The actual acts of Abram which preceded his justification by faith were all righteous when reviewed in the light of God's rights and purpose. His faith in God's declarations had kept him from all wrong. But his, walk which led up to his circumcision was wrong, because it was not founded on faith, but on the flesh. And, indeed, circumcision is a sign of this, for why should the flesh be cut off if it is righteous? Sarai acknowledges that she has done wrong, (Gen.16:5), and that this wrong comes upon Abram. He was wrong in that he hearkened to her advice. The wrong of it is much clearer when we consider how much evil it brought upon Abraham and his descendants. It brought immediate suffering on Sarai and Hagar.


We are the real, the genuine Circumcision, because we offer divine service to God in spirit, and glory in Christ Jesus and have no confidence in flesh. The so-called Circumcision are only a Maimcision, for they merely mutilate the flesh, and lack the faith of which circumcision is simply the sign (Phil.3:2-5). They worship God in flesh, and glory in their flesh in direct contradiction to the import of this sign, which consists in the removal, the cutting away of a part of the flesh as a token of the stripping off of the whole. Let us be clear concerning this. We are not the literal Circumcision. We are the figurative Circumcision, the literal Uncircumcision. The fact is that literal circumcision is itself only a sign, an indication, a token, an earnest, a label, in which a small part of the flesh is literally removed to signalize its utter failure and bankruptcy in its entirety. We realize and enjoy that which it merely indicates. We are the real, the genuine Circumcision, even though our flesh is not mutilated as theirs is.

This is the actual, ultimate truth as to circumcision, and should form the basis of our study. We must remember, however, that all revelation previous to this is not written from this standpoint, but in an enigma, and is seen distorted, as in a mirror. Yet even in that earlier unfolding we will find hints and intimations which would have led a spiritually minded saint into the truth. This is clearly suggested before it was given to Abraham, for he was ninety-nine years old and his flesh was dead, so far as fulfilling the promise of God as to the seed was concerned. Abraham knew this, and said as much to God. He wanted to substitute other flesh, as his heir, but God wished to show that all was dependent on Him, and not on flesh at all. So He vivified, invigorated Abraham, gave him life after death, and then insisted on a sign of this, to keep it in continual remembrance, by cutting off a part of the flesh.

If a descendant of Abraham were spiritually minded, he would have deduced thus: I am supposed to be the literal seed of Abraham, but, in reality, I am not, for Abram had no issue, except Ishmael, until he was physically incapable of propagation. At ninety-nine years he could not have further descendants, and he knew it and acknowledged it. His flesh was beyond hope. I am really a descendant of his faith and of God's vivifying power. This is what my circumcision signifies. Otherwise I would be an Ishmaelite, a product of Abram's unbelieving flesh and a slave girl, doomed to servitude and humiliation...But, alas, few in Israel were humble enough to feel the futility of the flesh.

All that we have that is of any value is in Christ, not in ourselves. Our circumcision also is in Him. Was His circumcision on the eighth day reckoned to us? By no means. That was made by hands, and consisted in cutting off a very small portion of the flesh. His real circumcision came at the cross, when He was cut off from the land of the living, and His flesh as a whole was stripped off and laid in the tomb. In Him, at that time, we stripped off the body of flesh (Col.2:11). This brings us into the place denoted by circumcision. We possess the spiritual reality of which the physical rite was merely the symbol. Having the thing itself we do not need the label. The label on an empty bottle is of no value. The contents are just as valuable without the label as with it, especially when its qualities are evident by their virtue and potency.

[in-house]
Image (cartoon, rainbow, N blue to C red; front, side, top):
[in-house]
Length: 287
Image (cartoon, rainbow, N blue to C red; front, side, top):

It is of great help to impress upon our hearts, that circumcision is a sign and a seal (Rom.4:9-12). Then we will look beyond for that which it signifies and that which it secures. When we come to consider the case of Abraham, let us note that he had God's righteousness, by faith, long before he was circumcised, the rite did not add to either his faith or his own righteousness. It merely labeled him as one who possessed these things. Abram was secretly reckoned righteous in uncircumcision; but he was openly recognized as righteous by the sign and seal of circumcision. The reckoning was by God and was immanent. The recognition was for men and was superficial.

Our Lord acknowledged that the Jews were Abraham's seed in a physical sense, so also were the Ishmaelites and Esau's descendants. But they claimed Abraham as their father in a much deeper sense than that. He would not acknowledge that they were Abraham's children. That was presumption on their part. God, said He, could rouse such children out of the very stones, which they resembled, for they were hard hearted and lifeless clods of earth (Matt.3:9; Luke 3:8). They were so unlike Abraham in their conduct that they had no right to claim him as their ancestor. They were seeking to kill their own Messiah. Imagine Abram doing this! By their works they proved themselves to be descendants of the Adversary, not of Abram. So our Lord said to them, "If you are children of Abraham, did you ever do the works of Abraham" (John 8:31-47)? They had the circumcision on the eighth day, but they not only lacked the faith of which it was the sign and seal, but also the works which perfected it (James 2:22). Abraham offered Isaac by faith; they crucified Christ by unbelief.